Definition of Hajj:
Literally: Hajj means heading for an honorable person or place.
Legally: Hajj means worshipping Allah by performing the Hajj rituals, which are defined as specific acts performed at a specific time and place in a specific way.
There is agreement among Juristic schools over the Hajj definition.
Today marks Eid ul-Adha for Sunni Muslims around the world, and for all Muslims making the annual Hajj. On this day, the pilgrims, having spent the night in Muzdalifah, go back to Mina. As the first part of the stoning of the jamarat ritual, pilgrims throw seven pebbles at the large jamrah (wall) in Mina. This is symbolic of stoning the devil. After this, an animal is sacrificed. Then, those making the Hajj return to Mecca to complete their pilgrimmage with the farewell tawaf, which is also the first act of the Hajj. The tawaf consists of walking counter-clockwise around the Kaab'a seven times - three times at a hurried pace and then four times at a slower, more leisurely pace.
1. Performing Ihram from Miqat
2. Standing by `Arafah
3. Spending one night in Muzdalifah
4. Spending one night in Mina
5. Shaving the head or cutting hair short (shaving is recommended for men only)
6. Throwing pebbles
7. Farewell Circumambulation
There is agreement among Juristic Schools on the obligatory and necessary rituals of Hajj.
Supplication Said During Sa`i
"O Allah! O Controller of hearts, make my heart firm in Your faith. O Allah! I beseech You for what deserves Your Mercy, Your Forgiveness, and Safety from every sin. Grant me admission to Paradise and protection from the Hell Fire. O Allah! I beseech You for guidance, virtue, chastity, and self-sufficiency. O Allah! Help me to remember You, to offer thanks to You, and to worship You properly. O Allah! I seek from You all goodness, whether I comprehend it or not, and I seek from You admission to Paradise, and every deed or words that make this possible. I seek Your protection from entering the Hell Fire, and from every deed or words that make this possible."
Sa'i is the ritual act of walking seven times between the knolls of Safa and Marwah on the first day of the Hajj. This act retraces the footsteps of Hagar, wife of Prophet Abraham, during her desperate search for water for her infant son Ismail after they were left in the desert by Prophet Abrahim in response to a Divine vision. The hajji recites this prayer s/he walks.
It is important to remember that Arabic-speaking Christians call God Allah. They have done this since long before the advent of Islam. With that in mind, as Catholics, let us not lose sight of what our faith teaches. In numbers three and four of Nostra Aetate in which we state "The Church regards with esteem also the Moslems. They adore the one God, living and subsisting in Himself; merciful and all- powerful, the Creator of heaven and earth, who has spoken to men; they take pains to submit wholeheartedly to even His inscrutable decrees, just as Abraham, with whom the faith of Islam takes pleasure in linking itself, submitted to God. Though they do not acknowledge Jesus as God, they revere Him as a prophet. They also honor Mary, His virgin Mother; at times they even call on her with devotion. In addition, they await the day of judgment when God will render their deserts to all those who have been raised up from the dead. Finally, they value the moral life and worship God especially through prayer, almsgiving and fasting.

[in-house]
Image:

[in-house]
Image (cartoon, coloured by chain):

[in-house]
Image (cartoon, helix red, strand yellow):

"Since in the course of centuries not a few quarrels and hostilities have arisen between Christians and Moslems, this sacred synod urges all to forget the past and to work sincerely for mutual understanding and to preserve as well as to promote together for the benefit of all mankind social justice and moral welfare, as well as peace and freedom.
"As the sacred synod searches into the mystery of the Church, it remembers the bond that spiritually ties the people of the New Covenant to Abraham's stock."
David Pinault, who is professor of Religion at Santa Clara University, in an article in America magazine about a year ago, briefly described an undergraduate course he taught on The Islamic Jesus. He began the course by focusing "on Koranic portraits of Jesus". By studying what the Qu'ran says about the Lord we "learn that Islamic scripture reveres Jesus, referring to him as the son of the Virgin Mary and as a prophet second in rank only to Muhammad". It is also important to keep in mind what Nostra Aetate emphasizes about Islam, which is that "Islam, as an Abrahamic tradition, honors a number of figures familiar to Jews and Christians from the Bible, including Noah, Moses and Solomon". It is in sura 19 of the Qu'ran that we read of Miriam, please go and read for yourself.
Given the grave ignorance, which leads to misunderstandings, that, in turn, lead to oversimplification and vilification of the other, it seems crucial as we enter a new year to think on these things in light of our own faith. This means knowing what the Church teaches regarding other faiths. One can do no better than beginning with Nostra Aetate, progressing to Huston Smith's The World's Religions: Our Great Wisdom Traditions, as a general survey, before reading the late Jesuit Fr. Jacques DuPuis' Christianity and the Religions: From Confrontation to Dialogue, a Catholic and catholic survey. Of course, again, I provide the link to Global Ethic Foundation, which is dedicated to making common cause among people of all faiths and making religion a source of understanding, compassion, and peaceful cooperation.